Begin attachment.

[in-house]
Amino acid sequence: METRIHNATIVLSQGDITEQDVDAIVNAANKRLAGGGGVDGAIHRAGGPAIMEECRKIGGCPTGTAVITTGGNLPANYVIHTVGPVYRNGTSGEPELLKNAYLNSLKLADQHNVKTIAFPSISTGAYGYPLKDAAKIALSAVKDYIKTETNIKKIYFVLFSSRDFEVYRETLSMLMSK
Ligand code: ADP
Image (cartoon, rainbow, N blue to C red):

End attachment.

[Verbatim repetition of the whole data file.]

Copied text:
[in-house]
Amino acid sequence: METRIHNATIVLSQGDITEQDVDAIVNAANKRLAGGGGVDGAIHRAGGPAIMEECRKIGGCPTGTAVITTGGNLPANYVIHTVGPVYRNGTSGEPELLKNAYLNSLKLADQHNVKTIAFPSISTGAYGYPLKDAAKIALSAVKDYIKTETNIKKIYFVLFSSRDFEVYRETLSMLMSK
Ligand code: ADP
Image (cartoon, rainbow, N blue to C red):